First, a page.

Franklin says he spoke with Fulton County election officials, who he said told polling managers to provide voters with ballots. The Fulton County elections office did not immediately respond to a request for comment.

Election Protection is organized by the Lawyers Committee for Civils Rights Under Law.
8:09 p.m.

Donald Trump has won South Carolina.

The Republican nominee was awarded the state’s nine electoral votes, giving him 40 for the night. The result was expected as the state has long been a Republican stronghold.

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8:08 p.m.

Democratic Rep. John Carney has won the Delaware governor’s race eight years after losing his first bid to become the state’s chief executive.

Carney easily defeated Republican state Sen. Colin Bonini of Dover in Tuesday’s gubernatorial contest. The victory was driven by voter registration numbers that heavily favor Democrats.

Carney has said job creation and economic development will be among his top priorities, along with improving Delaware’s public education system.

He also has acknowledged that the next governor faces significant challenges given troubling revenue expectations and escalating costs for Medicaid and state employee health care.

Carney will succeed Jack Markell, who defeated Carney in the 2008 Democratic gubernatorial primary.

Carney previously served as lieutenant governor.

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8 p.m.

Democrat Hillary Clinton has won Massachusetts, Maryland, New Jersey, Delaware and the District of Columbia while Republican Donald Trump has captured Oklahoma.

Clinton was awarded Massachusetts’ 11 electoral votes, 10 from Maryland, 14 from New Jersey and three each from Delaware and the nation’s capital, giving her 44 for the night. Trump picked up seven from Oklahoma, giving him 31.

The results Tuesday were not surprising. Massachusetts and the District of Columbia are two of the nation’s safest Democratic strongholds.

The last time Oklahoma went for a Democrat was 1964, when it voted for Lyndon Johnson. Maryland last went for the GOP in 1988.

New Jersey has been a safe Democratic state for 20 years. Its governor, Chris Christie, is a close Trump ally but is saddled with low approval numbers.

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7:45 p.m.

A state official says Democrats have gone to court to extend voting across Colorado by two hours after the secretary of state’s voter registration system went down for nearly 30 minutes Tuesday.

Lynn Bartels, a spokeswoman for the secretary of state’s office, says the hearing was scheduled for federal court in Denver.

She says state officials are investigating what caused the outage, which forced in-person voters to cast provisional ballots. Some county clerks were unable to process mail ballots that needed to have the signature verified.

Tauna Lockhart, spokeswoman for the state information technology office, says the system came back up about 3:20 p.m. She says the incident is under investigation by state officials, but there is no evidence the network was hit by hackers.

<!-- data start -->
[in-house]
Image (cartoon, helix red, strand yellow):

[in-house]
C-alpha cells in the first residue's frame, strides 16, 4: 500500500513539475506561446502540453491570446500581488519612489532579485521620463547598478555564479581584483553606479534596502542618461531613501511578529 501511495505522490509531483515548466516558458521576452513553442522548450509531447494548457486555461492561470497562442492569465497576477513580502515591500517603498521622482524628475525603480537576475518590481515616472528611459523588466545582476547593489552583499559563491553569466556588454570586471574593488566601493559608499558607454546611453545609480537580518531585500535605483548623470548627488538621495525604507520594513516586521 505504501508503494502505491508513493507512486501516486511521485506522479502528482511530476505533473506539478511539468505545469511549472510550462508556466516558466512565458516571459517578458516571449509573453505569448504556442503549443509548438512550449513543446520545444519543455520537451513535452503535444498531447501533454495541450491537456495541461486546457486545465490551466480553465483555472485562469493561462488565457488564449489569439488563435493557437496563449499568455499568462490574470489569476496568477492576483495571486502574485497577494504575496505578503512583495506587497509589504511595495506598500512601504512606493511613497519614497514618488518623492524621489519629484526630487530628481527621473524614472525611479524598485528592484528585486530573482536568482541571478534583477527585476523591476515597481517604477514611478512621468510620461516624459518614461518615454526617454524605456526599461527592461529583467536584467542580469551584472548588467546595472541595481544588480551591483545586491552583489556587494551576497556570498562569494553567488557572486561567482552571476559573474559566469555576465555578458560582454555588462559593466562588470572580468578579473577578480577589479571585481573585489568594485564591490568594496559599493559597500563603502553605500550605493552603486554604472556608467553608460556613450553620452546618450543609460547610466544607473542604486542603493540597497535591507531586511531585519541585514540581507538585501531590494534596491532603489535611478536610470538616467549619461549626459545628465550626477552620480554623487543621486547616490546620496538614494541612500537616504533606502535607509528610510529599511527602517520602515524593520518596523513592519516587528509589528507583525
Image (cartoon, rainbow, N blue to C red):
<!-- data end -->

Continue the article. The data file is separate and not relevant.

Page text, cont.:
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7:35 p.m.

The North Carolina Board of Elections has agreed to extend voting in eight precincts in Durham County, where Democrats have a 4-to-1 registration advantage over Republicans.

The state board voted 3-2 Tuesday night to extend voting by an hour in two precincts most affected by a computer glitch. The problem forced poll workers to check for registered voters on paper printouts, causing long lines at some locations.

The board says six more precincts can stay open for a shorter time.

The NAACP’s North Carolina chapter had asked for the eight precincts to stay open for 90 extra minutes. Hillary Clinton’s campaign also supported keeping the polls open later in Durham.

Two groups filed lawsuits seeking to keep the polls open, but a state superior court judge declined to intervene.

7:30 p.m.

Republican Donald Trump has won West Virginia and its five electoral votes.

The Mountain State was one of the billionaire’s biggest supporters in the Republican primary. He is popular for promising to bring back coal jobs. Hillary Clinton had largely been largely shunned for making comments perceived as an affront to the industry.

The dynamic has resulted in one of the few states where Republicans didn’t shy from the brash businessman and instead looked to ride his coattails. Many Democrats for congressional and other races scrambled to distance themselves from Clinton and refused to endorse her.

West Virginia has voted for Republican presidential candidates in each of the last four presidential races.

It takes 270 electoral votes to win the presidency.

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7:15 p.m.

Philadelphia District Attorney Seth Williams says he has found no evidence of fraud or intimidation at the city’s polls despite Republican candidate Donald Trump’s warnings about voter fraud.

Williams says no major problems have emerged among the 68 complaints his office investigated during the first half of Election Day.